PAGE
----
I found an interesting article: http://www.apa.org/journals/releases/neu193288.pdf
It's not an easy read (for me), so I don't have anything near an understanding of what all it says. But there were pieces of it that I found interesting. To me there seems to be a strong feeling of connection between what the following portions say, and an example of what is meant by "internal" in the internal/external aspect (the one I refer to as implicit/explicit)…which is the N and F functions.
I do know that …well…every NF I've met in person…enjoys irony a great deal, to the point of seeking it out in movies, literature, shared stories, humor, and incorporate it constantly in conversations. I'm not saying that only NFs use irony. But it's seemed to me that there are definitely differences between the sarcasm of an NT, an SF, and an NF. I'm still trying to figure out ST humor, lol. (There 's also slight differences, I think, between the focuses of the betan and deltan NFs..though each can appreciate the humour of the other, the …mmm…starting point(?)..seems to be different between them.)
Anyways, here are the portions of the paper that stood out the most too me. Ok, the only parts that made any possible kind of sense to me, lol.
Anyone have any comments about it?
Irony is an indirect form of speech used to convey feelings in an indirect way. Ironic utterances are characterized by opposition between the literal meaning of the sentence and the speaker's meaning. One form of irony is sarcasm. Sarcasm is usually used to communicate implicit criticism about the listener or the situation. It is usually used in situations provoking negative affect and is accompanied by disapproval, contempt, and scorn…….The ironic speaker intends that the listener detect the deliberate falseness; he makes a statement that violates the context and intends the listener to recognize this statement. The interpretation of sarcasm thus involves understanding of the intentions expressed in the situation and may include processes of social cognition and theory of mind. (p1 left side)
It has been demonstrated that the use of sarcasm has several social communicative functions, such as increasing the perceived politeness of the criticism, decreasing the perceived threat and aggressiveness of the criticism, and creating a humorous atmosphere. It appears that a deficit in understanding sarcastic utterances may reflect an impaired ability to understand social cues such as intentions, beliefs, and emotions. (p1 left/right side)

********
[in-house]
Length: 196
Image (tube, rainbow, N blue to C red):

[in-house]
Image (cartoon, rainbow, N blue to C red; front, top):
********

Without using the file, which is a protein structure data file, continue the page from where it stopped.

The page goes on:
A key aspect of social cognition is the ability to infer other people's mental state, thoughts, and feelings, commonly referred to as the theory of mind (ToM). Although irony has been investigated from a psycholinguistic perspective, recent findings in developmental and neuropsychological research suggest that understanding irony involves understanding of social cues and requires ToM. (p1 right side)
Given the emotional and social communicative function of sarcastic utterances, it is only to be expected that its interpretation would be mediated by brain areas specialized in affective processing and social cognition.
In the process of interpreting sarcastic utterances, the individual is required to understand the speaker's feelings, intentions, and perspective. (p10 left side)
It has been suggested that understanding irony requires the ability to grasp the speaker's actual beliefs and the speaker's belief about the listener's belief. (p10 left side)
Although some theorists have argued that in the process of understanding sarcasm, the listener first interprets the literal meaning of the sentence and then reinterprets it according to the context and the speaker's meaning, others have emphasized the importance of the speaker's attitude and suggested that the speaker's meaning might be accessed without full processing of the literal meaning and its incongruity. (p11 left side)
….First, the literal meaning of the utterance is interpreted in left hemisphere language cortices. Hence at the beginning of the process, judgment of a literal and a nonliteral meaning of a sentence involves a common neural network. Second, the intentional, social, and emotional context is processed in the frontal lobes and the right hemisphere, correspondingly. At this stage, the contradiction between the literal meaning and the social emotional context is identified. Finally, to derive the true meaning of the utterance, the listener then has to integrate the literal meaning along with the social and emotional knowledge of the particular situation and previous situations and make a decision regarding the true meaning. (p11 left side)